In re DeBose, BAP No. SC-81-1065-GEV

Decision Date12 January 1982
Docket NumberC80-0232-K.,BAP No. SC-81-1065-GEV,Bankruptcy No. 80-00814-P,Adv. No. C80-0299-P
Citation16 BR 881
PartiesIn re Jerome DeBOSE and Louise DeBose, Debtors. UNITED STATES of America, Appellant-Intervenor, v. POSTAL FINANCE COMPANY OF CALIFORNIA, Jerome DeBose and Louise DeBose, Appellees.
CourtU.S. Bankruptcy Appellate Panel, Ninth Circuit

Michael E. Quinton, Asst. U.S. Atty., San Diego, Cal., for appellant-intervenor.

Davis Hatch, Paris & Paris, Santa Monica, Cal., for appellees.

Before GEORGE, ELLIOTT and VOLINN, Bankruptcy Judges.


GEORGE, Bankruptcy Judge:

The appellant/intervenor appeals the March 19, 1981 memorandum decision of the trial court, which declared unconstitutional the retroactive application of 11 U.S.C. § 522(f).1


On October 26, 1978, the debtors executed and delivered to the appellee, Postal Finance Company of California "Postal Finance", a promissory note for $6,960.00 payable in monthly installments. To secure payment on the note, Postal Finance perfected a security interest in the debtors' household goods, appliances, consumer goods, and equipment on that date. This security interest is both nonpossessory and nonpurchase-money.

The debtors defaulted on the note and left a net balance due of $4,459.89. Postal Finance decided to pursue its remedies under the note and to take possession of the security, which had a fair market value of $2,000.

On April 4, 1980, the debtors filed for relief under Chapter 7 of Title 11 of the Bankruptcy Code and, thereafter, filed a complaint to avoid Postal Finance's lien on their household goods and furnishings, as permitted by § 522(f)(2)(A). Postal Finance's answer to the complaint raised a constitutional issue and, therefore, the United States of America intervened to support the constitutionality of § 522(f)'s retroactive application.

In its decision below, the trial court held unconstitutional the application of § 522(f) to nonpossessory, nonpurchase-money security agreements entered into prior to the enactment of the Bankruptcy Reform Act of 1978.2 It cited as its authority the recent Tenth Circuit decision of In re Rodrock, 642 F.2d 1193 (10th Cir. 1981).


The two issues to be resolved by this Panel are 1) whether § 522(f) is to be applied retroactively and 2) whether such an application is violative of constitutional principles of due process.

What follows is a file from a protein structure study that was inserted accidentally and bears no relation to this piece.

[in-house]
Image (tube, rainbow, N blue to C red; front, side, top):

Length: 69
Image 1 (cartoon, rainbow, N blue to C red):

A. Retroactive Application of 11 U.S.C. § 522(f)

Whether a statute operates retroactively or only prospectively is a question of legislative intent. Hasset v. Welch, 303 U.S. 303, 58 S.Ct. 559, 82 L.Ed. 858 (1938). The most persuasive evidence of Congressional intent to apply § 522(f) to pre-enactment security interests was the decision to have the Bankruptcy Act of 1898 "the Act" repealed as of October 1, 1979 (except that cases commenced under the Act would still be governed by that law),3 and to have the Bankruptcy Code "the Code" govern all cases filed after that date. Under this arrangement, a prospective-only use of § 522(f) would create a gap in applicable law; there would be no law governing the avoidance of liens which arose before the Code's enactment. Because of the unacceptable legal vacuum created by this interpretation, the Panel has no choice but to conclude that Congress intended to endow § 522(f) with both a prospective and a retroactive reach.

B. Constitutionality of 11 U.S.C. § 522(f)

In holding that 11 U.S.C. § 522(f) is to be applied retroactively, we are now forced to decide whether the trial court was correct in ruling that the statute was unconstitutional as applied to pre-October 1, 1979 liens. In this regard, the Panel finds no reason to disagree with the analysis and conclusions reached by the trial court and by the Tenth Circuit in In re Rodrock, supra. The trial court's decision must, therefore, be affirmed.


The Panel holds that, although Congress intended that 11 U.S.C. § 522(f) be applied to security interests created prior to the enactment of the 1978 Bankruptcy Reform Act, such an application would be contrary to the due process protections provided by the Fifth Amendment of the United States Constitution. In this regard, we agree with the assessment of the trial court.


1 11 U.S.C. § 522(f) provides, in pertinent part:

"(f) Notwithstanding any waiver of exemptions, the debtor may avoid the fixing of a lien on an interest of the debtor in property to the extent that such lien impairs an exemption to which the debtor would have been entitled under subsection (b) of this section, if such lien is—. . . .

(2) a nonpossessory, nonpurchase-money security interest in any—

(A) household furnishing, household goods, wearing apparel, appliances, books, animals, crops, musical instruments,...

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